The Kona Coffee Council, the local trade group representing farmers, said it “does not condone the civil action filed against the customers of Kona coffee because of this alleged fraud.” And, “The people responsible for the civil actions make up less than one percent of the people engaged in the coffee business in Kona and do not speak for the majority of the industry.” A press release put out by the council also said the civil actions are affecting the Big Island economy negatively and do nothing to promote Kona coffee or other coffee grown in the State of Hawaii. Celia Smith of Smith Farms in South Kona, a past president of The Kona Coffee Council, noted on another occasion that there were but 19 plaintiffs out of 600 Kona farmers. Some have said that the suit was driven more by Mark Davis, the plaintiff’s council, than by the convictions of the grower community. John Langenstein said that farmers were being pressured by processors whose economic interests were threatened by the suit to withhold support for the legal action taken by his group.
The suit was settled in 1999. Kona Kai and its insurance companies agreed to pay $1 million dollars to the farmers while $225,000 was added to the settlement by the other defendants. While there appeared to be no evidence the roasters were aware of Kona Kai’s fraudulent dealings, it appeared to observers that the mainland companies were embarrassed by the whole business and wanted to put the scandal behind them. Mark Davis prevailed for the farmers by having as part of the settlement an agreement on the part of the defendants to buy 161,000 lb. (1,610/ 100 lb. bags) of green Kona coffee over the next five years from Kona farmers.
In the wake of the Kona Kai scandal, Kona Coffee Council has seen its long time dream fulfilled with the granting of a registered U.S. mark by the Patent and Trademark Office for “100% Kona Coffee.” The mark is registered to the Department of Agriculture of the State of Hawaii. The mark certifies that the goods originate (are grown) within the geographic borders of the Island of North and South Kona Districts of Hawaii County, Hawaii. A mark was also granted for “100% Hawaiian Coffee.”
As for Mr. Norton, there was no trial. He eventually pleaded guilty to wire fraud and tax evasion. Attorney Penny Cooper, who represented Norton at his sentencing hearing argued, as quoted in The San Francisco Chronicle, “Nobody felt cheated. They liked the taste they were getting - that’s what coffee’s all about.” Norton told U.S. District Court judge, D. Lowell Jensen, “I’m sorry for this whole thing to have happened. I don’t think I inflicted the type of damage that has been spoken about.”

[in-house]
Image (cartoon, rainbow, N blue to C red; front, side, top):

Six years after the publication of the bill of indictment, Norton was sentenced to 30 months in prison. In addition, the court ordered Norton to pay more than nine hundred thousand dollars in restitution and taxes. With good behavior he will serve less than one year, and then be free to pursue La Dolce Vita with the remainder of his considerable plunder.
The rest of us have been sentenced to the realization that fraudulent labeling of coffee both green and roasted is a real danger to our good health as an industry. We can no longer excuse and forgive the fact of some measure of fraudulent dealing as being part and parcel of our centuries old trade. A degree of acknowledged mislabeling by some small time grafters, posing as coffee people, is no longer an acceptable evil with which we can live. This is not a partisan small company issue either. Sara Lee, Maxwell House and Folgers produce origin labeled coffees too. They have a stake in protecting the integrity of the products that bear their brands just as much as do Gussy Von Wellsheim and Jane McLaughlin at Carpe Diem Coffee Roasters in North Berwick Maine, and Barry Jarrett at Thomas & Riley Coffee, Ltd., in Fairview Heights, Illinois.